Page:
Our weekly take on some of the biggest stories in startup and tech policy. To receive this weekly digest in your inbox, sign up at http://engine.is/digest.
White House Cracks Down on H-1B Program. H-1B season kicked off on Monday, and while the the White House missed the opportunity for a larger overhaul of the program before the lottery opened, the Administration did slip in a few changes at the last minute that have made the already chaotic process of applying for H-1Bs even more frenzied. Late last Friday, U.S. Citizenship and Immigration Services (USCIS) quietly issued a policy memo indicating a more rigorous vetting process for computer programmers. While the changes are mostly cosmetic in nature (USCIS has maintained that the guidance is a clarification of existing policy, not a “policy change”), the agency also announced on Monday that it would be increasing the number of targeted site visits to crack down on H-1B abuse and fraud. The same day, the Justice Department issued a strong warning that employers seeking H-1B visas must not discriminate against American workers. On their own, each of these changes is arguably meant to target outsourcing firms and abuse of the system, not technology companies (most of whom reserve their visas for more complicated, higher paying roles that cannot be filled by U.S. workers). But taken together, they indicate an intentional effort by the President to deliver on his campaign promise to “end forever the use of the H-1B as a cheap labor program, and institute an absolute requirement to hire American workers first for every visa and immigration program.” We’re tracking.
Cap Access Bill Passes House. On Thursday, Congressman Patrick McHenry’s (R-NC) Supporting America’s Innovators Act (H.R. 1219) passed the U.S. House of Representatives for the second year in a row by a vote of 417-3. The bill, which Engine strongly supports, would remedy what is known as the “99 Investor Problem.” Under current securities law, the number of investors who can act as a coordinated group to invest in a company is capped at 99. As online fundraising and general solicitation have increased in popularity, it has become a common practice to group investors into what are known as investment LLCs, or “syndicates,” to mitigate risk, simplify cap tables, and diversity portfolios. However, these syndicates are limited to 99 investors, an outdated cap that excludes sophisticated investors from funding the startups that they want to and limits the capital available to companies. H.R. 1219 would remedy this by raising the investor cap to 250, and we are hopeful that the Senate will take up and pass this legislation in the near future.
Stakeholders Unite in Support of the OPEN Government Data Act. On Wednesday, the Center for Data Innovation sent a letter to congressional leaders urging them to support the OPEN Government Data Act (S. 760, H.R. 1770), which would ensure that government data is accessible to the public by default. The 80 signatories, including Engine, argued that in recent years, open government data has “proven to be an enormously effective platform for innovation in both the public and private sectors, supporting significant economic value, increasing transparency, efficiency, and accountability in government operations, and powering new tools and services that address some of the country’s most pressing economic and social challenges.” The proposed legislation would require federal agencies to publish data in open formats and adopt consistent data practices across the government. Engine, who has long been a supporter of open data, published a report on the topic last month and hosted a congressional briefing to discuss its findings.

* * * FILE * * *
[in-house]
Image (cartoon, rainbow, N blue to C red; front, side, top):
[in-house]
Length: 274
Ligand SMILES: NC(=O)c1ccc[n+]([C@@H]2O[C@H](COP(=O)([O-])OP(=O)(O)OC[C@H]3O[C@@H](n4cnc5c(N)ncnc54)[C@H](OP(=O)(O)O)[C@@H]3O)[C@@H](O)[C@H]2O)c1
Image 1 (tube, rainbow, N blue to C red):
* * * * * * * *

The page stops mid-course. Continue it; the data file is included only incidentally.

Leaked Documents Show Waste and Fraud at the Copyright Office. This week, Techdirt obtained previously unreleased documents showing that under the management of former Copyright Register, Maria Pallante, the Copyright Office spent nearly $11.6 million on a project to replace its computer system. The initiative, which was set to cost only $1.9 million when approved, was scrapped before completion. Further complicating this scandal, Rep. Zoe Lofgren (D-CA) recently revealed during a House Judiciary Committee markup that Pallante had also previously put in place a fake $25 million budget line item, asking the Librarian of Congress to testify under oath what it was for, despite having no actual purpose. All this information comes to light as House Democrats find themselves divided over H.R. 1695, which passed through the Judiciary Committee last week. The bill would remove the Copyright Office from the purview of the Library of Congress by making the position of Copyright Register a Presidentially appointed position approved by the Senate. Many speculate this piece of legislation was introduced in response to a move by the Librarian of Congress, Carla Hayden, last fall that removed Maria Pallante from the role of Register.
This Week’s #StartupsEverywhere Profile: Courtney Klein and C’pher Gresham in Phoenix, AZ. This week we chatted with two startup ecosystem builders in Phoenix, AZ. Courtney Klein, the founder of SEED SPOT, and C’pher Gresham, SEED SPOT’s National Director of Expansion, talked to us about how they are working to provide early-stage social ventures with the support and resources they need to succeed. Read the full interview here.